Perhaps we cannot help many of our changes, but to destroy the whole appearance of a section of our city need not be. Please, for a wise and good sense approach to save it.


EDITOR'S NOTE: Abortion once again is before the state legislature. Proposals range from Delegate Lawrence A. LaMotte's bill to affirm the U.S. Supreme Court's 1973 legalization of abortion to bills co-sponsored by Sen. Larry E. Haines that would restrict abortions except under extreme circumstances and prevent abortions on minors without parental consent. We have been asking readers if they think abortions should be legal and readily available in Carroll, if parents should be notified if children plan an abortion and if minors should be required to undergocounseling first. Here are some of the replies we received so far

From: Vincent Perticone

Licensed social worker


Two abortion bills presently before the Maryland Legislature hopefully will draw the strong, vigorous opposition of caring Carroll County citizens.

Under the usual guise of "choice," these bills, deadly for babies and dangerous for women and girls, are designed to perpetuate the decriminalized wholesale killing of unborn humans permitted by Roe vs. Wade and to protect the $2 billion a year abortion industry.

For example, Senate Bill 146, the Abortion Omnibus Bill, requires:no parental choice or consent for pregnant minors contemplating abortion --effectively removing a parent's choice to guide and protect his or her child; no informed consent -- leaving women and girls in thedark about the nature and risks of abortion surgery and the developing baby within their wombs.

Is this freedom of choice? No accountability or liability for malpractice on the abortionist's part -- depriving women of any rights to appeal or legal redress of damages suffered whatsoever, including serious complications from induced abortion(don't bet that the National Organization For Women will be opposingthese provisions); and no reporting of abortions by "physicians."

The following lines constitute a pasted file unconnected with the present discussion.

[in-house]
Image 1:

All other procedures require reporting in the interest of public health, demographics, etc. Why not the numbers of botched abortions, or the ages of teen-agers receiving abortions, or their race, or the developmental stage of the baby in utero?

Finally, SB 146 requires aninfant's viability to be determined by the abortionist who is going to profit from his grisly act!

House Bill 18, sponsored by Delegate Lawrence LaMotte, D-Carroll, Baltimore, would repeal Maryland's 1968 abortion laws, which provided some protections to both women and their unborn children, and in doing so, would -- should Roe vs. Wade beoverturned -- render Maryland as the abortion mecca of the United States.!

And our sons and daughters are defending our national interests for these kinds of "freedoms" -- to kill innocent people at will?